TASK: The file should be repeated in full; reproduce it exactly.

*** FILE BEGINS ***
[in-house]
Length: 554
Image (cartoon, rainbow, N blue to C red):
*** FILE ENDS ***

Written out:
[in-house]
Length: 554
Image (cartoon, rainbow, N blue to C red):